Project Title- PhD Studentship – Engineered solutions for reconnecting fragmented habitats: quantifying multi-species responses to fish passes on multiple weirs
Funding amount: £17,668 maintenance grant per annum
Lead Supervisor name: Prof.Demetra Andreou
Habitat connectivity is critical to enable animal populations to access the range of functional habitats they require for completing their lifecycles. However, the anthropogenic alteration of river systems (e.g. dams, weirs) causes habitat fragmentation, with fish unable to migrate easily, with their access to spawning areas being blocked. The net result is populations of species that are already being threatened by issues such as climate change are then threatened further by their inability to access their former functional habitats. Populations of anadromous fishes are usually considered as being most impacted by fragmentation due to blocked access to reproductive grounds, but river-resident species can also be impacted (e.g. European barbel Barbus barbus & chub Squalius cephalus).
Solutions to river habitat fragmentation include removing the structures that prevent animal movements (e.g. dam removal programmes), but this is often not feasible. Instead, these fragmented habitats are reconnected using engineered solutions that facilitate fish movements across the barriers, i.e. fish passes (or fish ladders). For example, the construction of fish passes has been used to reconnect the River Severn, where structures constructed in recent years on four weirs in the lower river now enable both anadromous and river resident fishes to more easily access areas of river that are not impounded, including spawning areas (see https://www.unlockingthesevern.co.uk ).
This PhD will thus assess the efficacy of engineered fish passage solutions that are designed to resolve habitat fragmentation. This will be completed using the River Severn weirs & its new fish passes as the study area, with analyses of the behaviour & passage rates of a range of fish species. A multi-method approach will be used that is likely to include acoustic and passive integrated transponder (PIT) telemetry and video technology, with analyses testing differences in passage rates within and between species, and according to environmental conditions.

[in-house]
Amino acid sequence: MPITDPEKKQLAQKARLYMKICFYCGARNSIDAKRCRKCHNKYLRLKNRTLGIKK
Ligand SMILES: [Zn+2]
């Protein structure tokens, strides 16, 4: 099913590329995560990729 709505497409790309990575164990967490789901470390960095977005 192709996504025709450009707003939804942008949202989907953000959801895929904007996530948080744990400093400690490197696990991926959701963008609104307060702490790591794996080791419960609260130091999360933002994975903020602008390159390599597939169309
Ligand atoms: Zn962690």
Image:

This fully funded PhD studentship is part of a larger project at Bournemouth University on sustainable solutions for preventing biodiversity loss involving other PhD and post-doctoral researchers, & external partners, including the Environment Agency.
What does the funded studentship include?
Funded candidates will receive a maintenance grant of £17,668 per annum (unless otherwise specified), to cover their living expenses and have their fees waived for 36 months. In addition, research costs, including field work and conference attendance, will be met.
Funded Studentships are open to both UK/EU & International students unless otherwise specified.
Candidates for a PhD Studentship should demonstrate outstanding qualities and be motivated to complete a PhD in 4 years & must demonstrate:
- Outstanding academic potential as measured normally by either a 1st class honours degree (or equivalent Grade Point Average (GPA) or a Master’s degree with distinction or equivalent
- An IELTS (Academic) score of 6.5 minimum (with a minimum 6.0 in each component, or equivalent) for candidates for whom English is not their first language and this must be evidenced at point of application.
Candidates are expected to have some relevant field-based experience & knowledge of the application of acoustic telemetry to assessing animal migrations.
Closing date: The first call for applications will close on 30 June 2023.
For further information on how to apply click the ‘Apply’ button below or email [email protected]
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